"He takes so much after her, like taking pride in what he does, being strong and being determined to do what he wants to do," Rumph’s father, Michael, said. "He’s got this presence about him that she had. You can see it in that smile."

At a draft day party Rumph lit a candle in his mother’s honor, some 21 years ago his mother Patricia lost control of her car on an Interstate 95 on-ramp driving home from her job at IBM.

A picture of his mother at on the draft day party table, along with an original copy of the poem, which began: "The vision that I glorify in my mind, the ideal that I will enthrone in my heart. This I build my life by, this I will become."

I must say that I have never seen such inspiration and humility as I have seen this testament of faith done by Mike. To carry on the memory of your mother and share so much of you with your friends and family are truly a blessing that no one should squander.

I find that Mike Rumph will be an emotional and dynamic football player for many years to come in this league, his college secondary coach sings those same praises as I have. And he knows so much more than I do from knowing him through a newspaper. One does not have to step out very far to realize what kind of man Mike Rumph really is.

He is a man of incredible character and dignity and seems to always strive for excellence no matter what the cost may be. He lives for his family and he honors his parents almost everyday of his life. One has to honestly believe that he will be a great father to his son Jalen for the acts of faith that he has done in his life so far.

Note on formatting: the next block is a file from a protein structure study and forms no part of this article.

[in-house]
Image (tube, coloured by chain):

One thing is for certain and that is for the 49er’s to beat the St. Louis Rams this season, Mike Rumph will have to be a factor in that equation. The drafting of that order mandated it right from the very beginning. He is without a doubt the very best athlete available in the draft to make this happen.

"Everybody’s playing three, four, five receivers," Terry Donahue, the general manager said. "You got to be able to cover them. The Rams certainly were the driving forces. When we line up against the Rams, we’ve got to feel comfortable we can cover them downfield and keep them covered. If you do that, you’ve got a chance to beat them. And if you don’t, you’re going to have a hard time beating them."

Symbols of the University of Miami’s Glory Day’s Teammate Cornerback Philip Buchanon wish his former teammate the best in San Francisco. He is not far away just across the Bay in Oakland, almost within shouting distance. The two have been close throughout their college days and the level of competition just escalated as they play for two archrivals.

"The first time I talked to him, he was saying they were going to beat us," Buchanon said. "He didn’t say congratulations or anything like that. He just said, 'We’re going to beat you.’"

The two will meet this season in a pre-season contest on August 24th and a regular season game on November 3rd. What will be most interesting will be their individual levels of play.

The University of Miami made tidal waves this draft with the very best in secondary talent available. We hope that tidal wave will be on the field when we face Oakland and the game comes to a close with Mike Rumph signaling victory to Mr. Buchanon.